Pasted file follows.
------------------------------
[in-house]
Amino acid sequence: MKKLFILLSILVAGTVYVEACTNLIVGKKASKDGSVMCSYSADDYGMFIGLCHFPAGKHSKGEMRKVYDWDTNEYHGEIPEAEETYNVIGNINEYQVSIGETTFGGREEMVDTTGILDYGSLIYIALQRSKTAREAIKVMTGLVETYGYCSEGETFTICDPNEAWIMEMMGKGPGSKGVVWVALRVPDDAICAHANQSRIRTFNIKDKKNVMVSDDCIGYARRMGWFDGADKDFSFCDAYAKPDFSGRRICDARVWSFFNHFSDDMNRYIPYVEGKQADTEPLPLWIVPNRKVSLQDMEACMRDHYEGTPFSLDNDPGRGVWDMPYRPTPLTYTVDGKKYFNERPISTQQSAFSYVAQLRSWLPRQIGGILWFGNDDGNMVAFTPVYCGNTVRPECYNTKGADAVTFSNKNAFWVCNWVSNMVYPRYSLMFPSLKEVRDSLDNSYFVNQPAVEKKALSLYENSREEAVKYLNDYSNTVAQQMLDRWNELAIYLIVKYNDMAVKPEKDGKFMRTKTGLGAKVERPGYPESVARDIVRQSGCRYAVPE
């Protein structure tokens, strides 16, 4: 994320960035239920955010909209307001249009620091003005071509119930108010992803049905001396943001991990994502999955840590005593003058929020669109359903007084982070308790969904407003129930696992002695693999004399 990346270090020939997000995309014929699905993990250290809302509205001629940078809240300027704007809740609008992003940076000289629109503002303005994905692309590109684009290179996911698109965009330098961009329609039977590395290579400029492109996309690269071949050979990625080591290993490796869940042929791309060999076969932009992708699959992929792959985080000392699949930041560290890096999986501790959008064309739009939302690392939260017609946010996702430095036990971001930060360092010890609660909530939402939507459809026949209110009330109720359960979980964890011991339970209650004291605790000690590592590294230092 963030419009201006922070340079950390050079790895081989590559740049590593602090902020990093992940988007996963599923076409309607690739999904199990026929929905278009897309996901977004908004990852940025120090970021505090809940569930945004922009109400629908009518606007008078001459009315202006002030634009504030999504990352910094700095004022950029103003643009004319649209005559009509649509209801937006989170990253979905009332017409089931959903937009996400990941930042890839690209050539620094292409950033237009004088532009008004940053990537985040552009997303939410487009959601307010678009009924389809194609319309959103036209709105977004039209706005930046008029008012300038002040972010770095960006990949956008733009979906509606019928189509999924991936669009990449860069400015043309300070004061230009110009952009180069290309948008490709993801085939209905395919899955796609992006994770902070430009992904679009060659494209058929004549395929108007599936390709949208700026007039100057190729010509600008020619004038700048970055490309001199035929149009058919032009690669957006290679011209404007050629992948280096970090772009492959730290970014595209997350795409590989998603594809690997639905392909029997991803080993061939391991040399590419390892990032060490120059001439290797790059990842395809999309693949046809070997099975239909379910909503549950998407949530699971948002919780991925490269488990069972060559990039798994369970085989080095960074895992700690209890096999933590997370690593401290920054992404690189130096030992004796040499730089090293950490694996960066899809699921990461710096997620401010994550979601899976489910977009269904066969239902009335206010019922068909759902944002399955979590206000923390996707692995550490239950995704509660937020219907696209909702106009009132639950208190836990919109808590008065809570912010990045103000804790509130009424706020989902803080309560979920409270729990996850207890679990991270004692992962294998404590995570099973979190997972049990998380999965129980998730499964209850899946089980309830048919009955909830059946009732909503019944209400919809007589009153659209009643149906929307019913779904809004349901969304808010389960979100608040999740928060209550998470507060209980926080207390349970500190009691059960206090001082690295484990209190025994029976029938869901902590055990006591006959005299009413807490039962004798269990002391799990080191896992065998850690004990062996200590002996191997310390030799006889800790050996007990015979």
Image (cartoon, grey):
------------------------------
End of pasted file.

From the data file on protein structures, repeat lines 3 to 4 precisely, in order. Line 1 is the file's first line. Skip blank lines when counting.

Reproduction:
């Protein structure tokens, strides 16, 4: 994320960035239920955010909209307001249009620091003005071509119930108010992803049905001396943001991990994502999955840590005593003058929020669109359903007084982070308790969904407003129930696992002695693999004399 990346270090020939997000995309014929699905993990250290809302509205001629940078809240300027704007809740609008992003940076000289629109503002303005994905692309590109684009290179996911698109965009330098961009329609039977590395290579400029492109996309690269071949050979990625080591290993490796869940042929791309060999076969932009992708699959992929792959985080000392699949930041560290890096999986501790959008064309739009939302690392939260017609946010996702430095036990971001930060360092010890609660909530939402939507459809026949209110009330109720359960979980964890011991339970209650004291605790000690590592590294230092 963030419009201006922070340079950390050079790895081989590559740049590593602090902020990093992940988007996963599923076409309607690739999904199990026929929905278009897309996901977004908004990852940025120090970021505090809940569930945004922009109400629908009518606007008078001459009315202006002030634009504030999504990352910094700095004022950029103003643009004319649209005559009509649509209801937006989170990253979905009332017409089931959903937009996400990941930042890839690209050539620094292409950033237009004088532009008004940053990537985040552009997303939410487009959601307010678009009924389809194609319309959103036209709105977004039209706005930046008029008012300038002040972010770095960006990949956008733009979906509606019928189509999924991936669009990449860069400015043309300070004061230009110009952009180069290309948008490709993801085939209905395919899955796609992006994770902070430009992904679009060659494209058929004549395929108007599936390709949208700026007039100057190729010509600008020619004038700048970055490309001199035929149009058919032009690669957006290679011209404007050629992948280096970090772009492959730290970014595209997350795409590989998603594809690997639905392909029997991803080993061939391991040399590419390892990032060490120059001439290797790059990842395809999309693949046809070997099975239909379910909503549950998407949530699971948002919780991925490269488990069972060559990039798994369970085989080095960074895992700690209890096999933590997370690593401290920054992404690189130096030992004796040499730089090293950490694996960066899809699921990461710096997620401010994550979601899976489910977009269904066969239902009335206010019922068909759902944002399955979590206000923390996707692995550490239950995704509660937020219907696209909702106009009132639950208190836990919109808590008065809570912010990045103000804790509130009424706020989902803080309560979920409270729990996850207890679990991270004692992962294998404590995570099973979190997972049990998380999965129980998730499964209850899946089980309830048919009955909830059946009732909503019944209400919809007589009153659209009643149906929307019913779904809004349901969304808010389960979100608040999740928060209550998470507060209980926080207390349970500190009691059960206090001082690295484990209190025994029976029938869901902590055990006591006959005299009413807490039962004798269990002391799990080191896992065998850690004990062996200590002996191997310390030799006889800790050996007990015979």
Image (cartoon, grey):